With our partners the Tristan da Cunha Government, the Department for Environmental Affairs, BirdLife South Africa and Island Conservation, we established the Gough Island Restoration Programme in 2015. The team are feeling shocked at these figures, but it’s mixed with the heightened sense of the projects’ conservation value and the responsibility on our shoulders.
We now know that after years of planning this three-month operation could save two million seabirds each year and prevent the extinction of a number of species.
This project is bold, ambitious and, if successful, will save the Critically Endangered native Tristan albatross from extinction; having a major global conservation impact. It is safe to say that The Gough Island Restoration Programme encapsulates what the RSPB is all about.
The heart-wrenching moment a MacGillivray’s prion returned to its nest to find its chick dead – eaten alive by invasive non-native mice (Jaimie Cleeland).
This is one of the largest projects the RSPB has ever undertaken, and we need your support to make it a success and put an end to this horror.
You can donate directly to the project, and help save Critically Endangered species from extinction.
And if you have five minutes today, please read this powerful blog from one our 2017/18 Field Assistants. It may be hard to face the reality of this environmental catastrophe, but there is a solution that you can help us to realise.
Thank you for your support.
To find out more visit:
The endemic and Critically Endangered Tristan albatross population has declined by 96% in three generations (Jaimie Cleeland).
The study was carried out by staff at University College Cork, Ireland; Queen’s University Belfast, UK; The RSPB, UK; Conservation Solutions, UK; University of Cape Town, South Africa; Stellenbosch University, South Africa; and The Natural History Museum, UK.
The Gough Island Restoration Programme is being carried out by the RSPB in partnership with Tristan da Cunha, BirdLife South Africa, the Department of Environmental Affairs in South Africa, Island Conservation, BirdLife International, the Percy Fitzpatrick Institute, the Zoological Society of London, the World Land Trust, the Royal Zoological Society of London, the Durrell Institute and the Rothschild Foundation.
The programme is part-funded by the RSPB, the UK government, the National Fish and Wildlife Foundation, The David and Lucile Packard Foundation, John Ellerman Foundation, Ludwick Family Foundation, Jephcott Charitable Trust and other generous individuals and organisations.
The RSPB AGM was an uplifting end to a tough week.
Tragically, two brilliant colleagues – John Lanchbery and Roy Taylor - passed away this week. In very different ways, they personified the best of the RSPB.
John dedicated his career to securing global action to tackle climate change particularly through reducing greenhouse gas emissions from the loss of tropical forests which was a core part of the landmark Paris Agreement. Roy focused on shaping policy to drive practical conservation (for example through SCAMP) and there are large swathes of northern England that have been transformed thanks to his vision, dedication and boundless enthusiasm.
These two heroes of conservation died in the week after the publication of the IPCC report –the latest wake up call and reminder that the scale of the political response is miles away from what needs to happen to avoid global temperature rise of 1.5 degrees Centigrade above greenhouse gas emissions.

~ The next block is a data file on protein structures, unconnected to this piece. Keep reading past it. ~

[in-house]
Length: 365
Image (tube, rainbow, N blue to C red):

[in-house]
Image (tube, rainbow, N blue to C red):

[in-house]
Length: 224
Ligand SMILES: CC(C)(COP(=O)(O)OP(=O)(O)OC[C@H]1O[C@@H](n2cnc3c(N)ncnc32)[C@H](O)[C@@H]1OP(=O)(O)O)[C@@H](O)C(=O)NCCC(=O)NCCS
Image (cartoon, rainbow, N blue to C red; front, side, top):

Roy on the left, John on the right (images courtesy of David Morris and Olly Watts)
Our job is to ensure that their legacy continues both by nurturing what they achieved but also by using the knowledge and inspiration that they passed on to us. That means we shall support calls for the UK Government to set a new target of net zero greenhouse gas emissions by 2050. We shall continue to argue for a revolution in the way we use and generate energy in harmony with nature. We shall make the case for greater investment in protecting natural habitats at home and internationally (such as forests and peatlands) to protect both the climate and biodiversity. And, we shall explore how best to reduce the carbon footprint of what we eat including, as I promised in response to a question from the AGM floor today, whether to promote meat-free Mondays (or more) through our own catering operation.
I was sorry that John and Roy were not at our AGM yesterday to see another hero, Caroline Lucas MP, receive the RSPB Medal for her immense contribution to environmental causes and to hear her impassioned speech calling for greater action to save nature.
I was sorry that they were not there to see such dedicated volunteers receive their President’s award for the work they contribute to our charity.
I was sorry that they did not hear a member of our Phoenix Forum, Will Walsh, remind our membership of the passion and drive of teenagers giving confidence that the next generation are up for the challenge of dealing with whatever mess we pass on to them.
And, I was sorry that they did not hear fantastic talks from my colleagues about our work to save threatened species such as curlew, seabirds and Asian vultures, restoring special places like Franchises Lodge in the New Forest and inspiring more people to support our work.
Clockwise from top left: Sarah Sanders talking curlews, Richard and Lynn Ebbs receiving their President's Award from Miranda Krestovnikoff, Caroline Lucas MP accepting her RSPB Medal and Clare Stringer providing an update on our vulture programme
But, the AGM was uplifting.
It offered cause for realistic optimism that we have people prepared to dedicate their lives – like John and Roy - to tackling the twin crises of climate change and loss of biodiversity.
After the AGM, I headed north with the family for half term. My first stop is to part of Roy Taylor's England - RSPB St Aidan’s where I am running a half-marathon connecting another of our nature reserves Fairburn Ings.
I hope you have a great week.